Napoli — a slightly darker side

It’s hard to think of Naples without having the words “organized crime” run – however briefly — through your mind.  Their particular brand is called the Camorra.  I don’t know if what we witnessed was part of the Big Boys or was just an example of a common neighborhood gang, but to me it represented what the consequences of living with this mentality in your community can mean to the everyday citizens.

We always try to find someone in our hotel who looks like he/she knows and loves whatever town we’re in.  Then we ask them where they go to get a favorite meal, rather than where they send the tourists.  Our resident expert in Naples told us about a little restaurant close-by.  The windows in the front folded back so in good weather, it was almost like sitting outside, and we were able to snag the second table from the sidewalk.  The owner and our waiter were great fun and we had a wonderful time joking with them in our fractured Italian.  The food was as fresh and delicious as our expert had predicted.  Everyone in the restaurant was in a good mood.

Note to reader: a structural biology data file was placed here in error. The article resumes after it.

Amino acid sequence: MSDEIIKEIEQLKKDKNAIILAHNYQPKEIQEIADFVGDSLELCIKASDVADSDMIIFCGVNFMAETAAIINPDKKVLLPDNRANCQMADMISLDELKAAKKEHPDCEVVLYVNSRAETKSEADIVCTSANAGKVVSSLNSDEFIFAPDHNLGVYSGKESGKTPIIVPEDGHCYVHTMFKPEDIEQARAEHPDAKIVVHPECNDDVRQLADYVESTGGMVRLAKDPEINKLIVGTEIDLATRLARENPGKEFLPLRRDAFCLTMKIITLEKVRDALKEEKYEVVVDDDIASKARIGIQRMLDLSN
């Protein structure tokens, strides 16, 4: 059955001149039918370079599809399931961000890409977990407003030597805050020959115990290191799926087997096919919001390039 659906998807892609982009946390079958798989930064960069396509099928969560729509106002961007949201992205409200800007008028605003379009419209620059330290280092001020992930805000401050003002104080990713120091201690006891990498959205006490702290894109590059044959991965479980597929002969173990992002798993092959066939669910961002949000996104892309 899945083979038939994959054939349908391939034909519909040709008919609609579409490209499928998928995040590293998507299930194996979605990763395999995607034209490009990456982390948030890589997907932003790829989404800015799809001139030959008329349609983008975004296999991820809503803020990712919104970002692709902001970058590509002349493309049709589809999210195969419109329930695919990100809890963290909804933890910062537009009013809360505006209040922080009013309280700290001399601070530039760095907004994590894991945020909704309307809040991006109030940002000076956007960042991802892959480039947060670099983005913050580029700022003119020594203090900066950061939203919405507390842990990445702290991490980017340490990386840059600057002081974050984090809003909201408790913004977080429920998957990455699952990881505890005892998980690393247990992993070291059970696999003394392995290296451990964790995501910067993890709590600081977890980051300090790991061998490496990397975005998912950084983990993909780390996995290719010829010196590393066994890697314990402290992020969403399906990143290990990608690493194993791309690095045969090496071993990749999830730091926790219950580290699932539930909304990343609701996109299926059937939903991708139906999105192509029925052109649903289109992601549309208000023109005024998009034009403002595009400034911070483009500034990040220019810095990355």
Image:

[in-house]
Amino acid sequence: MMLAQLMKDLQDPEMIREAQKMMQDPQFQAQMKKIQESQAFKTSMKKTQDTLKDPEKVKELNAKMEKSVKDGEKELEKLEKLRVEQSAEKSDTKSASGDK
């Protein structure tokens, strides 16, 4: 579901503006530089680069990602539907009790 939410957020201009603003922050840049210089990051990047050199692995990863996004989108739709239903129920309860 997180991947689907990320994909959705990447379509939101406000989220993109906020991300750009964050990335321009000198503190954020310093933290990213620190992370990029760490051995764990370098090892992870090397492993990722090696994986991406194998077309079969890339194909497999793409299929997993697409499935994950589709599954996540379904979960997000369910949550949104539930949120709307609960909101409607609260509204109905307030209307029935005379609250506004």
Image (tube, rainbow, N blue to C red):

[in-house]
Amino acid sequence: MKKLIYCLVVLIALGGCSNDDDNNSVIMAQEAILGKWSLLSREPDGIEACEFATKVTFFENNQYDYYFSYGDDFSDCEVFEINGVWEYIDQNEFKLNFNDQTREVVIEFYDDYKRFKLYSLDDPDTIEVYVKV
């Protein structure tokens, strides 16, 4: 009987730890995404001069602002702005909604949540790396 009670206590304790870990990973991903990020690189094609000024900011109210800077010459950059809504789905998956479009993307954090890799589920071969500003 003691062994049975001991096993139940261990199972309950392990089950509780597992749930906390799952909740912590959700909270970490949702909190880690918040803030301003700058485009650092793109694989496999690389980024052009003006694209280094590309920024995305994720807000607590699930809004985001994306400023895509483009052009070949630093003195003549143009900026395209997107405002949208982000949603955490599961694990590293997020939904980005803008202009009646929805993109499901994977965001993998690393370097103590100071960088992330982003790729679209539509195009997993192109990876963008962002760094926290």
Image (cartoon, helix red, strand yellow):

Then the family at the outside table in front of us left, and five men immediately sat in the chairs.  I’ve never felt so dramatic a change in the atmosphere.  It seemed that an evil force had sucked the oxygen out of the room, and turned up the temperature to a steam bath setting.  And it was obvious we weren’t the only ones who felt this.  The other patrons stopped their conversations.  The smiles of the owner and waiter were replaced by very worried looks.